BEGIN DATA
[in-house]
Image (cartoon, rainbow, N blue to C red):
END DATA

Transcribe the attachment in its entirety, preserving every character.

[in-house]
Image (cartoon, rainbow, N blue to C red):